US Sanctions to 'continue and intensify' on Lebanon’s Hezbollah after bank designation
US senior official told The National that US has “firm expectations” from Lebanese Government and Central bank on closing financial loopholes for Hezbollah
Following the designation of the Jammal Trust Bank (JTB) of Lebanon on the US list of terrorist financiers this week, a senior American official told The National on Friday that Washington’s efforts aim at expunging the Iranian-backed group Hezbollah from the Lebanese financial system.
“Our sanctions efforts will continue and intensify,” the US senior official said in a phone call with The National on Friday. The designation of JTB by the Treasury’s Office of Foreign Assets Control is only the second time that the United States has gone after a Lebanese banking institution.
We made it very clear that we will not tolerate Hezbollah access into the Lebanese financial system
Senior US official
In 2011, the Lebanese Canadian Bank was designated for the same reason of “assisting in, sponsoring, or providing financial, material, or technological support for, or financial or other services” to Hezbollah.
The move did not happen overnight.
“We have been in close cooperation with number of countries and number of banks that either had JTB branches or corresponding accounts, and we aggressively worked with cooperative banks to freeze them,” the US official said adding that large sums of money have been already frozen.
Large sums have been frozen. The JTB linkages go beyond Hezbollah and delve into larger Iranian web of proxies, the official explained.
“JTB directly operated accounts on behalf of the [Iran-based] Martyrs foundation, a mechanism that Iran directed Hezbollah to establish to send money to the Palestinian Islamic Jihad organization and funnel money to suicide bombers,” he said.
Following the designation, the US now has “firm expectations” from the Lebanese government. Lebanese Prime Minister Saad Hariri visited Washington this month and discussed the issue of sanctions.
“We made it very clear that we will not tolerate Hezbollah access into the Lebanese financial system,” the US official said.
“We have firm expectations from the Government and the Central bank on the freezing, closing, and liquidation of bank accounts [associated with JTB] and that best practices are followed.”
While the US official would not speculate on next steps or sanctions that may target Hezbollah or its allies, he said the goal is to “expunge Hezbollah from the financial institutions.”
He appeared confident that latest sanctions by the Trump administration have significantly reduced Hezbollah’s cash flow. The official argued that the IRGC leader Qassem Soliemani “the guy that Hezbollah’s [Secretary General Hassan] Nasrallah reports to is running out of money.”
Asked about fears of Hezbollah retaliation against the US interests or Lebanese bankers, the official appeared confident that all players understand the US red lines and that violence is one of them.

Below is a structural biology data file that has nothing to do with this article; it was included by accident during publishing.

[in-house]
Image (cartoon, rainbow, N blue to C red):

Hanin Ghaddar, a senior fellow at the Washington Institute for Near East Policy, said the intensification of sanctions could mean targeting of Hezbollah’s political allies across sectarian lines. “They might target more banks that are not complying, but the US is also considering sanctions against Hezbollah’s Lebanese allies, from different sects in Lebanon,” Ms Ghaddar said.
“It is very clear in Washington that the current Lebanese government is incapable or unwilling to deal with Hezbollah’s increasing power, and they are looking to go beyond the party’s core targets,” the expert said.
Randa Slim, the director of track two dialogue at the Middle East Institute said the pace of current sanctions is faster and could indicate more intelligence gathering on Hezbollah.
“Sanctions on Hezbollah are not new. Democratic & Republican administrations have been pursuing a similar strategy against Hezbollah,” Ms Slim argued.
“What is different now is the acceleration in the pace of sanctions partly because the US Treasury has accumulated a wealth of data about Hezbollah financial infrastructure over the past years.”
Asked about the Palestinian linkage with the Martyrs foundation and the mention of Hamas and the PIJ in the announcement, Ms Slim told The National that this increasingly mirrors the complex regional pictures.
“The Palestinian linkage emphasizes the regional aspect of Hezbollah’s activities and the role they play in Iran’s regional network. In some ways the timing of this announcement suggests a complementary between Israeli expansion of its war against Iran beyond Syria and the US targeting of the financial underpinnings of this regional network,” she said.
The State Department announced on Friday that Assistant Secretary for Near Eastern Affairs, David Schenker, will be traveling to Lebanon in the next two weeks as part of a regional trip.
The US senior official will visit Saudi Arabia, Tunisia, Jordan, and Lebanon from “September 4-13 to discuss security and economic issues with government and civil society leaders,” the statement read.
Updated: August 31, 2019 02:08 AM